• Zinc may help improve levels of insulin in diabetics.

Zinc is instrumental in the manufacture of hormones like insulin in the body, which may help control blood sugar in those with type 2 diabetes. In addition, high blood sugar slows the body’s ability to heal wounds, and zinc may help offset that problem.

  • Zinc protects against osteoporosis.

Because zinc helps the body to absorb other minerals, zinc and copper supplements are sometimes used to help strengthen bones to resist osteoporosis.


Recommended Daily Intake of Zinc:


  • Children 1-3 years – 3 mg

  • Children 4-8 years –  7 mg

  • Children 9-13 years – 8 mg

  • Males 14-18 – 11 mg

  • Females 14-18 –  9 mg

  • Males 19+ - 11 mg

  • Females 19+ - 8 mg

  • Males 50+ - 11 mg

  • Females 50+ - 8 mg

  • Pregnant females – 11 mg

  • Lactating females – 12 mg


In addition, the National Academy of Science has established tolerable upper level intake references for zinc. These numbers represent the highest amount of zinc intake that have not been associated with adverse health effects. Those under medical treatment may be prescribed higher levels of zinc, but it is important that they be monitored by a medical professional for any health problems.


  • Children 1-3 years – 7 mg

  • Children 4-8 years –  12 mg

  • Children 9-13 years – 23 mg

  • Males 14-18 – 34 mg

  • Females 14-18 –  34 mg

  • Males 19+ - 40 mg

  • Females 19+ - 40 mg

  • Males 50+ - 40 mg

  • Females 50+ - 40 mg

  • Pregnant females – 40 mg

  • Lactating females – 40 mg


Symptoms of Zinc Deficiency:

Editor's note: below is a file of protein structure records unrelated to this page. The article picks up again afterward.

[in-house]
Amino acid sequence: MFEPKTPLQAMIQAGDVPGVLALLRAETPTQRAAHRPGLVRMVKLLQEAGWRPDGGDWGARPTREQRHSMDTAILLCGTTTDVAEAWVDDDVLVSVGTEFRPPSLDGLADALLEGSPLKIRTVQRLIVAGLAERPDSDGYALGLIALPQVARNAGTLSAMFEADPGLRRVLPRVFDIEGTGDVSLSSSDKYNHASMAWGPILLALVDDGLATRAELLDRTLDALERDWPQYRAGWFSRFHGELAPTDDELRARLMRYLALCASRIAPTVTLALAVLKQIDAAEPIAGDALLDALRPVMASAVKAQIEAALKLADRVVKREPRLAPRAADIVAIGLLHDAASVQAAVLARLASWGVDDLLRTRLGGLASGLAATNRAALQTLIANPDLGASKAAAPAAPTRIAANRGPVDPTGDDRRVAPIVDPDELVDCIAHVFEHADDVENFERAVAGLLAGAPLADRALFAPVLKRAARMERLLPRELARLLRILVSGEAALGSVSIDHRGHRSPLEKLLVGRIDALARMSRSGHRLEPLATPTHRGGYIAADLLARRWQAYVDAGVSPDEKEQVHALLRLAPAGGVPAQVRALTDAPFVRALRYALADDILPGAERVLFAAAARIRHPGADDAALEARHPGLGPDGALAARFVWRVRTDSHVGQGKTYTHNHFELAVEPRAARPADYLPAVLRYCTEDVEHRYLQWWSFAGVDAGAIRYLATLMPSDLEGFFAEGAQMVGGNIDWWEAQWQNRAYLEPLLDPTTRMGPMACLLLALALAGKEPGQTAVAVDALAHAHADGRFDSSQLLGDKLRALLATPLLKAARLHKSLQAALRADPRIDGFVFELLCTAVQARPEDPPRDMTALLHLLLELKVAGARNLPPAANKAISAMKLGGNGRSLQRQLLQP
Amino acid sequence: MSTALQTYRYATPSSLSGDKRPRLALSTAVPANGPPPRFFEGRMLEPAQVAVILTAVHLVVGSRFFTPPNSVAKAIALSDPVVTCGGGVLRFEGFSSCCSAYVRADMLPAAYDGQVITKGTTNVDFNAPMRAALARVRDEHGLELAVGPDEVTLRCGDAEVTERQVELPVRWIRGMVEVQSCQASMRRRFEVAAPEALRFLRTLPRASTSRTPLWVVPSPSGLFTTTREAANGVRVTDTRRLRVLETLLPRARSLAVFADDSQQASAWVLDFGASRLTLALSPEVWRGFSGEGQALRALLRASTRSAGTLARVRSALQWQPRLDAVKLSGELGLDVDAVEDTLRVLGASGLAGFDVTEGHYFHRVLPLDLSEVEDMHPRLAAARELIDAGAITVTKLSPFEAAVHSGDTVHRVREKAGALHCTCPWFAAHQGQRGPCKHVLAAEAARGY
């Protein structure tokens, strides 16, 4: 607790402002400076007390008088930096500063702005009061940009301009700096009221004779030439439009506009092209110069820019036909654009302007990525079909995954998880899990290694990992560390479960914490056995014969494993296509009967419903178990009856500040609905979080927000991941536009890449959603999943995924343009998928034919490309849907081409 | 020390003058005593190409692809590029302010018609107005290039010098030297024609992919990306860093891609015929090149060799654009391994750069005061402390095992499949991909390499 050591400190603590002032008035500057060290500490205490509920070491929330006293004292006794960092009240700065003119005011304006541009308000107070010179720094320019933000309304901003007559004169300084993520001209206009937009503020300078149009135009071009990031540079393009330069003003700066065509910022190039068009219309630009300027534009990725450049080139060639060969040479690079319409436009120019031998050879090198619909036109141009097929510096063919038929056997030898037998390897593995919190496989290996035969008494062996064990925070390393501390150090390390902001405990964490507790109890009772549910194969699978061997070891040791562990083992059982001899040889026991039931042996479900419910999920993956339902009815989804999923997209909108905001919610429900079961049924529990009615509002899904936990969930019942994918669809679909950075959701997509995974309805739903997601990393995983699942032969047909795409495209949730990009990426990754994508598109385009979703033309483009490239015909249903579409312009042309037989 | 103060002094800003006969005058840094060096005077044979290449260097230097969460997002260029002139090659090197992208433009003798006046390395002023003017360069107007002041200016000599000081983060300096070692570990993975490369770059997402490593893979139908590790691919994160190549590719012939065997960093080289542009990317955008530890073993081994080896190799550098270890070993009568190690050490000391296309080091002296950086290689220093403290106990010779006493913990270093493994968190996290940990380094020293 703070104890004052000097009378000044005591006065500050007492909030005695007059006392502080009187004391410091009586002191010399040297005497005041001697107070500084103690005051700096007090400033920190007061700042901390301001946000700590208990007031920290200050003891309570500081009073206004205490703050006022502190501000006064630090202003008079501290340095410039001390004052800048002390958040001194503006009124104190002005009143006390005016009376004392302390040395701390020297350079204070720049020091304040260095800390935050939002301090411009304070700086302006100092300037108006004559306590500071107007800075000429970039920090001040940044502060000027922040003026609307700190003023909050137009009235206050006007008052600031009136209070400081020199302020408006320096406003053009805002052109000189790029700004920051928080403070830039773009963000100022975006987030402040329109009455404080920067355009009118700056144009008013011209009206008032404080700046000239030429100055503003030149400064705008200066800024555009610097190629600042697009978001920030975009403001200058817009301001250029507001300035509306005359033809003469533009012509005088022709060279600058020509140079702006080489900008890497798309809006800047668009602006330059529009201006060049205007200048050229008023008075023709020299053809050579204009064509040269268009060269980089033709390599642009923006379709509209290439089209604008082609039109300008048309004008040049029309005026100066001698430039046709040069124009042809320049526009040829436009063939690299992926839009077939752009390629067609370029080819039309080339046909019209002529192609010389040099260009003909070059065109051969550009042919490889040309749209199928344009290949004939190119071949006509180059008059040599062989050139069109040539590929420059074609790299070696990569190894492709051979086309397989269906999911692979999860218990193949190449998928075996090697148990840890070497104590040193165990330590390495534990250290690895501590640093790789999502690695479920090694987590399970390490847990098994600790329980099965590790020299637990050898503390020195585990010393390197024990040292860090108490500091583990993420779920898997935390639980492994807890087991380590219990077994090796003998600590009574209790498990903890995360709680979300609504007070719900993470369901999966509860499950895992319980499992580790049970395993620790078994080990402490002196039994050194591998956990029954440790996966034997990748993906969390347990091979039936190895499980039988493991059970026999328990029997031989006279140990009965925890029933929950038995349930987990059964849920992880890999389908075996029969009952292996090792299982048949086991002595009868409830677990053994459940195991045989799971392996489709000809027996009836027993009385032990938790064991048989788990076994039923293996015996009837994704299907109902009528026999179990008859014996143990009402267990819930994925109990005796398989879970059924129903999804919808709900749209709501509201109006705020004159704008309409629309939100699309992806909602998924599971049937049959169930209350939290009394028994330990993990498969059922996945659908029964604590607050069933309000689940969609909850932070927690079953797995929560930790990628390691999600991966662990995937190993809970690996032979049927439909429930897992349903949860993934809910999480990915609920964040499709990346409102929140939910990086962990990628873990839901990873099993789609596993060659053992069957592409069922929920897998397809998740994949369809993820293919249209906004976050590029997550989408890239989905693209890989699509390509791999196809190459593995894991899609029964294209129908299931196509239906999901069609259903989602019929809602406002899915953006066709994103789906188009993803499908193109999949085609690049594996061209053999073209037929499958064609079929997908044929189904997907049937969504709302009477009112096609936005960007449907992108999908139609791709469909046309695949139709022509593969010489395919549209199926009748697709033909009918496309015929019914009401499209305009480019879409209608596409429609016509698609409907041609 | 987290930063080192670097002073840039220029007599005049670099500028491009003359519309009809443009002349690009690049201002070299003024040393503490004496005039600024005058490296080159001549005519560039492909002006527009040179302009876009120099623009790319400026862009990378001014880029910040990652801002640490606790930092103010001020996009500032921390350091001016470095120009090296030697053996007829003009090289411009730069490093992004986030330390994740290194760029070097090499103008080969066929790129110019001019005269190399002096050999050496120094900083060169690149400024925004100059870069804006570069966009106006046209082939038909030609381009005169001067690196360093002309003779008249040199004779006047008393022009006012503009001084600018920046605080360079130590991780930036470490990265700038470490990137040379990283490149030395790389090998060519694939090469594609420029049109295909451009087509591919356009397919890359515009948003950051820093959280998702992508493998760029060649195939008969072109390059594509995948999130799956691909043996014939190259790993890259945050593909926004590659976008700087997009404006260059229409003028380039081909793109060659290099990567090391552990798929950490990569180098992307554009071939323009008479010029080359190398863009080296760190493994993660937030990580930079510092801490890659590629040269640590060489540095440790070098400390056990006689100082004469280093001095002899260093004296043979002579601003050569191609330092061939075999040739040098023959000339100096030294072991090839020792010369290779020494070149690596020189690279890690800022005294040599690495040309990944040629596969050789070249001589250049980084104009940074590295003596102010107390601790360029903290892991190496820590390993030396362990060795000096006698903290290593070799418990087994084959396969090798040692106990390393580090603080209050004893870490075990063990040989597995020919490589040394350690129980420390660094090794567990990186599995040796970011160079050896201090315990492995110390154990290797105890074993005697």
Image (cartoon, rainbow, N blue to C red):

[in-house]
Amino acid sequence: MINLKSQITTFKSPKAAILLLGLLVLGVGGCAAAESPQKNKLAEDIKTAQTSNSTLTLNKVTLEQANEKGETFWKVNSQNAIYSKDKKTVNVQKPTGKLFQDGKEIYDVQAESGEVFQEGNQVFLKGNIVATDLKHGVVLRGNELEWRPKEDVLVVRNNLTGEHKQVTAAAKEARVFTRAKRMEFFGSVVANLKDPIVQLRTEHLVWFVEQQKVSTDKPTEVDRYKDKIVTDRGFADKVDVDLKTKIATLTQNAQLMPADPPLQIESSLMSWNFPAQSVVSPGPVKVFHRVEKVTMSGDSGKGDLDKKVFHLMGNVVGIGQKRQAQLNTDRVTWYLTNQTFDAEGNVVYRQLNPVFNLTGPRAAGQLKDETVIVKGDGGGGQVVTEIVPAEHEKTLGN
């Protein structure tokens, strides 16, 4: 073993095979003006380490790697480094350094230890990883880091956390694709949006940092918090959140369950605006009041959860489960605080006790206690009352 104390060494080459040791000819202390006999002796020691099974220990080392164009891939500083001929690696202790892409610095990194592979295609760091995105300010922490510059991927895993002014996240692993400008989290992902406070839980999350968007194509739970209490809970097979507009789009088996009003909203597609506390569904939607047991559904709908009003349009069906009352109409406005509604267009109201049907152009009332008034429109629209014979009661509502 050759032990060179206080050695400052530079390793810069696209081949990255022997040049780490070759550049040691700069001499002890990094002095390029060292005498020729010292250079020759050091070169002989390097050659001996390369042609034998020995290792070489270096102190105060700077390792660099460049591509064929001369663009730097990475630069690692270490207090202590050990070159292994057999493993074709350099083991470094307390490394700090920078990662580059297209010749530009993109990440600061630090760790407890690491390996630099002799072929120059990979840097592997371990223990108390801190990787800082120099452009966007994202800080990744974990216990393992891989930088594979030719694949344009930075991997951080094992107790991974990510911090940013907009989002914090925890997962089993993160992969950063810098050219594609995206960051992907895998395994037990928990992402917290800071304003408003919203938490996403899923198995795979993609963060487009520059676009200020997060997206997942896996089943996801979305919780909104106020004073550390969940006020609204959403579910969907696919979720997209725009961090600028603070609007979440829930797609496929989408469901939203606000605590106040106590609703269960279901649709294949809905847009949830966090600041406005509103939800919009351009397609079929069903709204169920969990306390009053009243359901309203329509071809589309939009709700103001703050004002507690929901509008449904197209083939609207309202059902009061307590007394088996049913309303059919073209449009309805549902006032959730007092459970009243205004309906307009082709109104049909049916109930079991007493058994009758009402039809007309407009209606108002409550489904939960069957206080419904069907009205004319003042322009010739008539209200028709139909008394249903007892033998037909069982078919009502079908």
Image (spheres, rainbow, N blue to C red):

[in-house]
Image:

Severe zinc deficiency is rare in the U.S. and other developed countries, but studies are increasingly showing that even moderately low levels of zinc may lead to depressed immune system function. The conditions associated with low levels of zinc include increased risk of cold and flu, diminished sense of taste and smell, lowered glucose tolerance (which could lead to diabetes), eczema, acne, psoriasis, slow wound healing and low sperm counts. Because the highest natural sources of zinc are meats and meat products, those who don’t eat red meat should be especially careful to include fortified cereals and nutritional supplements with zinc in their daily diet.


Zinc Toxicity:

Excessive intake of zinc can result in zinc toxicity, with nausea, vomiting and diarrhea. Some studies suggest that taking high dosages of zinc for a long period of time can negatively affect cholesterol balance and diminish immune system function. While dosages far in excess of the RDA are routinely prescribed for various conditions, most nutritionists caution against taking more than 100 mg of zinc daily to avoid these problems.


Supplementing with Zinc:

Because the daily requirements for zinc are low, and high levels of zinc can result in health problems, most people find that the zinc in a daily total health supplement provides enough zinc for their nutritional needs. A whole health nutritional supplement like Immu-Stay from Xtend-Life Natural Products contains 9 mgs of zinc, 75% of the daily recommended intake. Because Immu-Stay is synergistically balanced to provide maximum benefits from all of its ingredients, zinc works in concert with 11 other essential minerals and 70 vital nutrients to help keep your body in top working order.